Executive interview: Dino Maggioni, CEO Aftermarket Parts and Services, Magneti Marelli

Executive interview: Dino Maggioni, CEO Aftermarket Parts and Services, Magneti Marelli

This past November at AAPEX in Las Vegas, aftermarketNews publisher Scott Shriber and editor Amy Antenora sat down with Dino Maggioni, CEO of Magneti Marelli’s aftermarket division, to discuss the company’s plans for re-entry into the North American aftermarket. In this exclusive interview, Maggioni brings us up to speed on Magneti Marelli’s place in the global market today, as well as its growing relationship with Chrysler and the Mopar brand.

Magneti Marelli recently announced intentions to relaunch the brand in North America. Where does Magneti Marelli stand in the global automotive market today?

It is a very old brand, very old and strong business. Magneti Marelli, as a company, is 91 years old. Magneti Marelli worked in the OE and in the aftermarket for many decades. Then, in the 1960s became part of Fiat Group, and it started growing in the OE and aftermarket for all the carmakers, not only Fiat. Being part of the Fiat Group for 50 years now doesn’t mean not working and striving to deliver to other carmakers. The range of Magneti Marelli customers is very wide and goes from European carmakers to Asian carmakers to U.S. carmakers.

In recent years, the aftermarket business of Magneti Marelli has gone through the different cycles and different steps of Fiat Group. In early 2000, the company was sold to an external, Italian group of entrepreneurs that acquired a majority of the Magneti Marelli aftermarket business. [Shortly thereafter] Mr. Marchionne came to Fiat Group and Automotive was reaffirmed as the core business of the Group. Magneti Marelli Aftermarket Parts & Services was re-acquired in 2007 and [at that time] I was appointed CEO, both independent aftermarket and OES, including all the carmaker customers, and delivering to their dealers and also the independent dealers. What we also have at Magneti Marelli is a service network with approximately 5,000 repair shops, mainly in Italy, Poland, Spain and Latin America.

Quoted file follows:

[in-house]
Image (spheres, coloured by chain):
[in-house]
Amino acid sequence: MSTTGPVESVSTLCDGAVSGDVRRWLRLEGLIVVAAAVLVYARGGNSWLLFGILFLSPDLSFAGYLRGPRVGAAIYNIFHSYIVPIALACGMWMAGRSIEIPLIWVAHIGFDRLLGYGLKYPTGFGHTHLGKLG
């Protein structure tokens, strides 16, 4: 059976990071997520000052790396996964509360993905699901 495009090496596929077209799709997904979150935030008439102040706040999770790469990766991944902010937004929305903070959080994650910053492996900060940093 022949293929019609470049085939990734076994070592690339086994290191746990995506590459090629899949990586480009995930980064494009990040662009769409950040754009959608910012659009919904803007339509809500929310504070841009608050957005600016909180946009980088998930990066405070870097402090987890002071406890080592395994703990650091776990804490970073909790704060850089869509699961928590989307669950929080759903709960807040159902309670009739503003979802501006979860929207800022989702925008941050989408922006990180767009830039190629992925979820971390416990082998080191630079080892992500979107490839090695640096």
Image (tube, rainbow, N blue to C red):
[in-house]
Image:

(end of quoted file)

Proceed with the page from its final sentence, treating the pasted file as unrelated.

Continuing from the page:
When you say “OES Parts” – those would be replacement parts, service parts – not original equipment parts, correct?

We deliver the OES customers with the original parts for after sales. Basically, it’s all the OES business inclusive of parts that Magneti Marelli makes as OE.

In the aftermarket, due to the fact that we need to have a complete, full range and full coverage of the car parc, we work also together with some high-level, top-notch partners — major component makers — and we deliver to the market the Magneti Marelli box with the Magneti Marelli logo but not all the parts are produced by Magneti Marelli. We have also some purchasing from partners and sell under the Magneti Marelli logo.

Is this the only brand you go to market with?

We have two main brands. Magneti Marelli owns a lot of very important brands, but today, the main brands we have are Magneti Marelli and, in Latin America, Cofap in Brazil. This brand is so strong that in Brazilian-Portuguese “cofap” is a synonym for shock absorber. For shock absorbers, in the Latin American market we have more than 60 percent market share in the aftermarket. So, we are very strong under the Cofap brand. Cofap was an independent company until the mid 90s and then Magneti Marelli acquired the company but kept the brand both for the OE, to a certain extent, and for the aftermarket. Today, in Latin America, we have two main brands: Magneti Marelli is electrical, electronic and body parts and Cofap is mainly undercar and mechanical parts. We have also filtration in Brazil and Argentina under our brand. In Europe, we have Magneti Marelli, but we are also distributors — depending on the market — for main producers of OE filters. Our partners are Mahle and Mann+Hummel.

What will the relaunch of the Magneti Marelli brand mean for the North American market?

In North America, the Magneti Marelli brand is well-known, especially by people who have been in the market for many years. The image of Magneti Marelli is mainly linked to racing, to innovation and quality. We have been working in racing, in Formula 1, for all Moto GP, we work for Ducati and Yamaha … so we are a global supplier for racing parts and this is for sure a strong point for our brand. In the U.S., we are present just for niche products, like lighting for example. Magneti Marelli Automotive Lighting is one of the top three producers worldwide, but we are not a provider of a full range of products for the aftermarket. Now, working together on the potential synergies in distribution that we have with Chrysler and Mopar, we have decided to enter in a massive way the U.S. aftermarket.